The Cloverfield Paradox Review
A Great Platform
The Cloverfield Paradox was announced among the slew of Super Bowl ads was a welcome surprise from Netflix and J.J. Abrams. Another link in the chain that is the Cloverfield series was not only going to be streaming rather than going to theaters. In addition, the movie was already completed and ready to watch on Netflix after the game.
The Cloverfield Paradox is a prequel movie that explains the arrival of the monster we saw in 2008, wreaking havoc on the streets of New York in the POV Kaiju movie Cloverfield. The Cloverfield Paradox opens with the not too distant future of Earth. We are on the brink of war as energy resources are being depleted. Humanity’s hope lies with the crew of a space station orbiting the earth with a particle accelerator. If they are able to bring the accelerator online and generate the 1.21 gigawatts of electricity we need… Wait sorry, wrong movie. If they bring the accelerator online mankind’s armies will stand down because there will be enough energy for the entire planet. They do not explain why solar, wind and hydroelectric alternatives to fossil fuels have failed us.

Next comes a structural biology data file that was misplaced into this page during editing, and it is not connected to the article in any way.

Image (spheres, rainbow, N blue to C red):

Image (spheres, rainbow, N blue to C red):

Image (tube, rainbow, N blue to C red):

Paradox is a very accurate way to describe the movie. As a whole, it feels more like a DVD Extra than a movie standing on its own feet. Mediocre acting combined with a jumpy plot, loose ends and unexplained phenomena left me wondering where the movie was going. Most of which I tend to forgive a movie if it leads me somewhere worthwhile. Unfortunately, this was not the case. The final act was both predictable and unfulfilling. Lack of attachment to the characters made gruesome deaths meaningless, and attempts at drama made it difficult not to pull out my phone due to complete lack of interest. A rare miss for the Cloverfield franchise, of which I have had nothing but good things to say about until now.
The Final Frontier
Despite the flaws, The Cloverfield Paradox deserves an A for effort. My hope is that Netflix and Abrams will do more in this series together, undeterred by the lukewarm reception from critics. I think we need more movies where characters cross dimensions outside of the Comic book movies. Rip holes in space-time. Disrupt the flow of the known universe. Show us massive consequences for meddling in the unknown. Lightspeed and warp drives are old hat. Paradox enters new territory for mainstream movies, and I hope others follow.